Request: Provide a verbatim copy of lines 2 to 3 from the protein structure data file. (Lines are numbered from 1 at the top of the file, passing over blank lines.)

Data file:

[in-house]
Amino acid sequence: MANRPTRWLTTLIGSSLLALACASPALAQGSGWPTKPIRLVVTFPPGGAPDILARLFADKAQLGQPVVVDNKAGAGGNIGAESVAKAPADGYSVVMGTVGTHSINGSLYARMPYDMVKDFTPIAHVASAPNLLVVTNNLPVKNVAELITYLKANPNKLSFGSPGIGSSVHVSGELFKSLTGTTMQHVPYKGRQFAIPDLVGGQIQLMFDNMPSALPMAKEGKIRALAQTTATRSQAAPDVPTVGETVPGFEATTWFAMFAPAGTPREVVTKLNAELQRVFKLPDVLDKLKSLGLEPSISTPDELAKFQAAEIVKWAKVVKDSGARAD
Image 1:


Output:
Amino acid sequence: MANRPTRWLTTLIGSSLLALACASPALAQGSGWPTKPIRLVVTFPPGGAPDILARLFADKAQLGQPVVVDNKAGAGGNIGAESVAKAPADGYSVVMGTVGTHSINGSLYARMPYDMVKDFTPIAHVASAPNLLVVTNNLPVKNVAELITYLKANPNKLSFGSPGIGSSVHVSGELFKSLTGTTMQHVPYKGRQFAIPDLVGGQIQLMFDNMPSALPMAKEGKIRALAQTTATRSQAAPDVPTVGETVPGFEATTWFAMFAPAGTPREVVTKLNAELQRVFKLPDVLDKLKSLGLEPSISTPDELAKFQAAEIVKWAKVVKDSGARAD
Image 1: